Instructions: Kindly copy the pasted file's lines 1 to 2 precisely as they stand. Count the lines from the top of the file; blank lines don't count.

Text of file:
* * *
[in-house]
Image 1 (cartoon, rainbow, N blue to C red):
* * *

[in-house]
Image 1 (cartoon, rainbow, N blue to C red):